Occipital nerve stimulation in fibromyalgia : a double-blind placebo-controlled pilot study with a six-month follow-up
Faculty of Medicine and Health Sciences
Neuromodulation. - Oxford
, p. 256-264
University of Antwerp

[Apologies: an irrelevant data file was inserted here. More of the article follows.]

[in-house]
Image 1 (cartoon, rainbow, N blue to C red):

Objective The goal of this study is to evaluate the effectiveness of occipital nerve stimulation (ONS) as a surgical treatment for fibromyalgia in a placebo-controlled design. Materials and Methods Eleven patients were selected based on the American College of Rheumatology-90 criteria and implanted with an occipital nerve trial-lead stimulator. Baseline scores for pain, mood, and fatigue were acquired, and patients were randomized in a ten-week double-blinded crossover design with placebo and effective subsensory threshold stimulation (no paresthesias). After finalizing the trial, nine patients were implanted permanently; evaluation was performed prior to surgery and at six months after surgery for pain, fatigue, and mood of the number of trigger points and overall morbidity. Results Significant results were found during the trial for a decrease in pain intensity (39.74%) on visual analogue scale (VAS; p < 0.001) and pain catastrophizing scale (PCS) during effective stimulation. A total of 9/11 patients responded to trial treatment; however, in two patients, this might be a placebo effect, recognizable due to the study design. Six months after permanent implantation, pain intensity remained decreased (44.01%) on VAS (p < 0.05). Besides the VAS, significant changes were noted for PCS, fatigue (modified fatigue impact scale), the number of trigger points, and overall morbidity (fibromyalgia impact questionnaire). There were no serious adverse events. Conclusions Our data strongly suggest that ONS is beneficial in the treatment of fibromyalgia. The beneficial effects are stable at six months after permanent implantation. Subsensory threshold stimulation is feasible in designing a placebo-controlled trial.